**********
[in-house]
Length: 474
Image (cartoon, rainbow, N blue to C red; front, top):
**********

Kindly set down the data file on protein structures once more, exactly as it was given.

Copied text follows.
[in-house]
Length: 474
Image (cartoon, rainbow, N blue to C red; front, top):